• id – Serial number as primary key. (example: 1, 2, 3, 4, …)
  • data_vendor_name – Data vendor name with foreign key data_vendor:name. (example: IB, GLOBEX)
  • exchange_symbol – Instrument symbol as denoted by exchange with foreign key symbol:instrument. (example: AC)
  • vendor_symbol – Instrument symbol as denoted by data vendor. (example: EH)
  • complete_symbol – Instrument symbol with contract month and year identifier. (example: EHJ13)
  • contract_month – Contract month of the given instrument in form MMMYY. (example: APR13)

symbol

  • name – Full name of the instrument. (example: ETHANOL)
  • product_group – Sector which does the instrument belong to. (example: Energy)
  • currency – Currency which is the instrument traded in.

Such design allows symbol table for multiple OHLCV data with same date and instrument but different data vendors.

Before we start using R, clone cme_parser repository from my github and change R working directory via setwd() function to cme_parser directory. I will use sql files as input to R functions and scripts. Customize and run following R script. It creates desired tables and function triggers which automatically updates time in modified column.

Populating database

With tables ready we can start populating them. First we fill tables containing foreign keys for other tables. We can’t fill daily_price or symbol table first because some of their columns are related to other tables in other words if we want to insert data into constrained column in daily_price, PSQL will try to match our input data with data in “foreign key” table symbol which is obviously empty so it will cause error. Make sure your con connection object is still active and run following code.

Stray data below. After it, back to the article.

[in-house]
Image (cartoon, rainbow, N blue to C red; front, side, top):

The symbol table is little bit trickier to fill. Well, as you know the instrument full symbol consists of three parts – exchange symbol, contract month and contract year. So for example for March 2017 US T-Bonds we have complete symbol ZB H 17 (spaces added just for clearness). For current database purposes I chose 54 instruments from various markets. Have a look at input file with particular instruments details which we use for query construction. Note that the file has Matlab syntax. About a year ago I made this project in Matlab, so I’m using some stuff arranged before. Step through the following script and fill the symbol table.

CME data parse

With tables with foreign keys for main table – daily_price, we can finally download, parse and export data to the database. Use my Parser R6 class. If you are interested in Parser implementation check readme file in the repository.

Let’s quickly check our new fresh exported data.

Output should look something like this (created and modified columns are not shown).

Scheduling parserScript

Settlement prices are posted at approximately 6:00 p.m.  CT which is around 23:00 UTC. That means that we could schedule parserScript.r to be executed every day at 23:11 UTC say with cron tool. Before we do so we need to create and configure .Rprofile to load needed libraries every time r is started.

Paste following lines into the file and save (ctrl+o, enter, ctrl+x).

Test parserScript.r execution. (Every time you test run p$parse() and p$exportQuery() make sure you truncate daily_price table and change date in log/reportdate.log !)

If execution was successful we can add entry to crontab.

Add following line.

Congratulations! You have open-source home database solution for daily market data.